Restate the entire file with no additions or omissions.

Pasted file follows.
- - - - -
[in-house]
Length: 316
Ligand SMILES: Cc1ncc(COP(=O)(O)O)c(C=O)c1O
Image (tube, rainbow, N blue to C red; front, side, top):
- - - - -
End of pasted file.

[in-house]
Length: 316
Ligand SMILES: Cc1ncc(COP(=O)(O)O)c(C=O)c1O
Image (tube, rainbow, N blue to C red; front, side, top):